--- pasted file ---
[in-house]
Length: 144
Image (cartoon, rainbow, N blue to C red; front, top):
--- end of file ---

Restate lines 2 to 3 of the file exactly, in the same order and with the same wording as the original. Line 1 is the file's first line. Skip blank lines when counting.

Length: 144
Image (cartoon, rainbow, N blue to C red; front, top):